“The Dolphins” – Venture Capitalists who are so nicknamed because like flipper the dolphin, they want to “flip” everything (i.e. sell your business) as quickly as possible. They tend also to want as much control as possible, demanding a high return but insisting on a short time-frame. VC is fashionable but Felix warns against it, stating that time and again he has witnessed original owners / founders “squeezed out” by the demanding dolphins who only care about growth and want it all now.



“The Fishes” – essentially these are “Angel Investors”: Friends, acquaintances, relatives, business colleagues and associates, small investors and “friendly bank managers of the old school”.

In his brilliant book How To Get Rich (Amazon affiliate link), Felix Dennis goes on to explain how the fishes helped him build his first business, which (importantly) he continued to own 100% of. The “pie” was all his, and while everyone got paid, he did not end up owing his soul to the sharks or the dolphins….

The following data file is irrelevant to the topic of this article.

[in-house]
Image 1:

OPM is a complete subject unto itself, with many technicalities such as contract law. Here are a few links for further exploration.

Michael A. Lechter and Robert Kiyosaki “OPM – How To Attract Other People’s Money For You Investments – The Ultimate Leverage”

Other People’s Money (NuWire Investor) (great article)

The Credit Process: A Guide For Small Business Owners (Federal Bank Of New York)

http://www.free2explore.com/business/opm.html

“Other Peoples Money” Blog (interesting tips)